BRITISH firms could be subject to an even more restrictive bonus regime under the terms of a new EU directive published yesterday.
The Capital Requirements Directive 4 (CRD IV), which is the EU’s version of Basel III, suggests that financial institutions could have to endure yet more interference in their remuneration practices following a tome of regulations on pay introduced in January.
PricewaterhouseCoopers partner Tom Gosling says: “The [current rules are] unlikely to be the last word on pay regulation… Perhaps most worrying for relevant firms is the possibility of further prescription around the ratio of variable to fixed pay.”
Already, the rules require that no more than 30 per cent of most bonuses are paid in cash up-front, but the changes under consideration could see financial institutions forced to cap the proportion of an employee’s pay that consists of a variable bonus.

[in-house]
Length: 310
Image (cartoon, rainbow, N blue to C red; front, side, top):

That would raise fixed costs at a time when many brokers are already struggling.
Governments will now enter negotiations over the directive, with the UK Treasury intending to fight CRD IV’s “maximum harmonisation” requirement, which would prevent national regulators from beefing up EU rules.
KPMG’s Giles Williams says: “This marks a significant shift in power away from national regulators. From a UK financial stability perspective, this flies in the face of recent moves to empower the new regulatory architecture.”